Time is an interesting phenomenon. If you ask ten people what time it is, you’ll likely get ten different answers…especially if you ask them the exact hour, minute, and second. For most people living their normal lives, this slight variance in time is not a huge deal. But for networks and web applications, time is an extremely critical thing. When computers do what they do, sometimes they wait to conduct certain operations until a certain time-of-day has arrived. Other times, computers speak to each other and coordinate operations based on the exact time of day. What if one computer thinks it’s one time and the other thinks it’s another? This timing issue could cause some really big problems!
As it turns out (for computer and network applications), it doesn’t matter what the true time really is…it only matters that everyone agrees on what time it is. Now, to be fair, the goal is not to have everyone agree on some random, false time. Ideally, we know the true time as much as we can possibly know it and then coordinate all our machines to that same time.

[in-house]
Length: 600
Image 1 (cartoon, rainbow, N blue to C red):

In the late 1970’s the first-ever time synchronization technology was used at a computer conference in New York. This technology evolved over time and ultimately was presented in 1991 in an IEEE Transactions on Communications article written by David L. Mills. The technology is known as Network Time Protocol (NTP), and it defines the way that clock synchronization happens between computer systems. NTP is designed to synchronize all participating computers to within a few milliseconds of Coordinated Universal Time (UTC). It uses algorithms to select accurate time servers, and it’s designed to mitigate the effects of variations caused by network latency. The current protocol is NTP version 4 and is documented in RFC 5905.
According to the RFC, the UTC timescale represents “mean solar time” as disseminated by national standards laboratories. The system time (clock on your web server, clock on your PC, etc) is represented by the system clock maintained by the hardware and operating system. The goal of the NTP algorithms is to minimize both the time difference and frequency difference between UTC and the system clock. When these differences have been reduced below nominal tolerances, the system clock is said to be synchronized to UTC. That’s the entire point of NTP…keep everything within a tolerable time difference to make sure all devices agree on the time.